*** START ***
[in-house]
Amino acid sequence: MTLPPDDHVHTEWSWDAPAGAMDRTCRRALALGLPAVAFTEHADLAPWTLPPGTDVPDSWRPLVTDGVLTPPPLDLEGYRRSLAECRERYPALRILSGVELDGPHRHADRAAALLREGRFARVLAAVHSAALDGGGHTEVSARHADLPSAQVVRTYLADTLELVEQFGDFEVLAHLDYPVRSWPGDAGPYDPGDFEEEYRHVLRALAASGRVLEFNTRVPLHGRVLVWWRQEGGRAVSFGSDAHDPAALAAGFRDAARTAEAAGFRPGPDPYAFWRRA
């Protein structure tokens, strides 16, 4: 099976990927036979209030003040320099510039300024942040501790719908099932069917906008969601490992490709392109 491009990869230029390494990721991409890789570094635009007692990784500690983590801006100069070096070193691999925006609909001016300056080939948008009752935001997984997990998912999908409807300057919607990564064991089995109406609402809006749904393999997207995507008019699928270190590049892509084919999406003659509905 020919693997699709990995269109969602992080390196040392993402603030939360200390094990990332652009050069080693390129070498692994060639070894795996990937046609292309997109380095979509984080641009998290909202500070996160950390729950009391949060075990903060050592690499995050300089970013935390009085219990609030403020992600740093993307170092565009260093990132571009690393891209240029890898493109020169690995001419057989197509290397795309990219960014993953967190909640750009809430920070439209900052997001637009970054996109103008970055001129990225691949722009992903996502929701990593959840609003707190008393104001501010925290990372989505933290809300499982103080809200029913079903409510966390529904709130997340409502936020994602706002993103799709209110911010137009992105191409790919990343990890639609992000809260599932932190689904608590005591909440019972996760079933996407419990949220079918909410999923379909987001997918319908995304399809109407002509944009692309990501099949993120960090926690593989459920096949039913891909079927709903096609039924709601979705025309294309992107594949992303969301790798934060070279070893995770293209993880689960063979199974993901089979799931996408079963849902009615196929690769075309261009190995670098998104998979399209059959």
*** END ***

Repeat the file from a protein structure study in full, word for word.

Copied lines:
[in-house]
Amino acid sequence: MTLPPDDHVHTEWSWDAPAGAMDRTCRRALALGLPAVAFTEHADLAPWTLPPGTDVPDSWRPLVTDGVLTPPPLDLEGYRRSLAECRERYPALRILSGVELDGPHRHADRAAALLREGRFARVLAAVHSAALDGGGHTEVSARHADLPSAQVVRTYLADTLELVEQFGDFEVLAHLDYPVRSWPGDAGPYDPGDFEEEYRHVLRALAASGRVLEFNTRVPLHGRVLVWWRQEGGRAVSFGSDAHDPAALAAGFRDAARTAEAAGFRPGPDPYAFWRRA
């Protein structure tokens, strides 16, 4: 099976990927036979209030003040320099510039300024942040501790719908099932069917906008969601490992490709392109 491009990869230029390494990721991409890789570094635009007692990784500690983590801006100069070096070193691999925006609909001016300056080939948008009752935001997984997990998912999908409807300057919607990564064991089995109406609402809006749904393999997207995507008019699928270190590049892509084919999406003659509905 020919693997699709990995269109969602992080390196040392993402603030939360200390094990990332652009050069080693390129070498692994060639070894795996990937046609292309997109380095979509984080641009998290909202500070996160950390729950009391949060075990903060050592690499995050300089970013935390009085219990609030403020992600740093993307170092565009260093990132571009690393891209240029890898493109020169690995001419057989197509290397795309990219960014993953967190909640750009809430920070439209900052997001637009970054996109103008970055001129990225691949722009992903996502929701990593959840609003707190008393104001501010925290990372989505933290809300499982103080809200029913079903409510966390529904709130997340409502936020994602706002993103799709209110911010137009992105191409790919990343990890639609992000809260599932932190689904608590005591909440019972996760079933996407419990949220079918909410999923379909987001997918319908995304399809109407002509944009692309990501099949993120960090926690593989459920096949039913891909079927709903096609039924709601979705025309294309992107594949992303969301790798934060070279070893995770293209993880689960063979199974993901089979799931996408079963849902009615196929690769075309261009190995670098998104998979399209059959």